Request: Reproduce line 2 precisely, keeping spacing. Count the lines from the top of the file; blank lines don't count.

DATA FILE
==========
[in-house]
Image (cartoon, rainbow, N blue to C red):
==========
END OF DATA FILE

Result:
Image (cartoon, rainbow, N blue to C red):